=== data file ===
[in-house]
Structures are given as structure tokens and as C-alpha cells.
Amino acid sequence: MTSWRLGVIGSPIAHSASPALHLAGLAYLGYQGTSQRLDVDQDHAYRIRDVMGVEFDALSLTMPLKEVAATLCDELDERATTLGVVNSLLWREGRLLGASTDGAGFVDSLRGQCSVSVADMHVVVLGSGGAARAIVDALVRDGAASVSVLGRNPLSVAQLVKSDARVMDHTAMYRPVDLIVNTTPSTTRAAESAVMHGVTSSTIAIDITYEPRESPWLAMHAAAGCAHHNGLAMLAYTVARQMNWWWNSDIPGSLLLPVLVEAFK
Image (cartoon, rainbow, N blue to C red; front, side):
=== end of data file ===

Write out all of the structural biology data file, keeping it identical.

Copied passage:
[in-house]
Structures are given as structure tokens and as C-alpha cells.
Amino acid sequence: MTSWRLGVIGSPIAHSASPALHLAGLAYLGYQGTSQRLDVDQDHAYRIRDVMGVEFDALSLTMPLKEVAATLCDELDERATTLGVVNSLLWREGRLLGASTDGAGFVDSLRGQCSVSVADMHVVVLGSGGAARAIVDALVRDGAASVSVLGRNPLSVAQLVKSDARVMDHTAMYRPVDLIVNTTPSTTRAAESAVMHGVTSSTIAIDITYEPRESPWLAMHAAAGCAHHNGLAMLAYTVARQMNWWWNSDIPGSLLLPVLVEAFK
Image (cartoon, rainbow, N blue to C red; front, side):